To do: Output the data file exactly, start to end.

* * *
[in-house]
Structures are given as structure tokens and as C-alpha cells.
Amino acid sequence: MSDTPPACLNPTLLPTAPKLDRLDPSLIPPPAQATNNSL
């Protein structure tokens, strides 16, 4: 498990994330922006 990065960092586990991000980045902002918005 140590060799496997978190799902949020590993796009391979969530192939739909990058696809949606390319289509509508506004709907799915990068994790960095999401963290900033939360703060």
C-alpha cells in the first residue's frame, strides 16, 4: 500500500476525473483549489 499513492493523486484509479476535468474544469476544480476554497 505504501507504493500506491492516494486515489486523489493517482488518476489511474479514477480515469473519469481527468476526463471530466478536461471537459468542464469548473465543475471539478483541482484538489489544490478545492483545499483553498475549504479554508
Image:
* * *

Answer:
[in-house]
Structures are given as structure tokens and as C-alpha cells.
Amino acid sequence: MSDTPPACLNPTLLPTAPKLDRLDPSLIPPPAQATNNSL
């Protein structure tokens, strides 16, 4: 498990994330922006 990065960092586990991000980045902002918005 140590060799496997978190799902949020590993796009391979969530192939739909990058696809949606390319289509509508506004709907799915990068994790960095999401963290900033939360703060």
C-alpha cells in the first residue's frame, strides 16, 4: 500500500476525473483549489 499513492493523486484509479476535468474544469476544480476554497 505504501507504493500506491492516494486515489486523489493517482488518476489511474479514477480515469473519469481527468476526463471530466478536461471537459468542464469548473465543475471539478483541482484538489489544490478545492483545499483553498475549504479554508
Image: